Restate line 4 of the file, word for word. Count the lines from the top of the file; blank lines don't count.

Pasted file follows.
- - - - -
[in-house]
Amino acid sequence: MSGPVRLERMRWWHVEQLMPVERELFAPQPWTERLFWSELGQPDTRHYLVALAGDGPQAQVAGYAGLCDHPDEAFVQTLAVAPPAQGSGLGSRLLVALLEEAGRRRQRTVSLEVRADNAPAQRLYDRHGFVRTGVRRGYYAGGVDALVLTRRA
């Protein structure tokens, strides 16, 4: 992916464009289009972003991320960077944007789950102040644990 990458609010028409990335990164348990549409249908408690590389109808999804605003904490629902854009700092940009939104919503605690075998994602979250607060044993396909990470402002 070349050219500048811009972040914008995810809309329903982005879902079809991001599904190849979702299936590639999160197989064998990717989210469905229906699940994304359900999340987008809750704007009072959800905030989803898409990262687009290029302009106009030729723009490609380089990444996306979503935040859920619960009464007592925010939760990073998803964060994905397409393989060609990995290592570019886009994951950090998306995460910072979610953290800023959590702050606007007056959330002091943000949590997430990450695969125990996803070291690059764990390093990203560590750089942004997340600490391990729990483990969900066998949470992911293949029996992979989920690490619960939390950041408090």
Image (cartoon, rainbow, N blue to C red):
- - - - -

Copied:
Image (cartoon, rainbow, N blue to C red):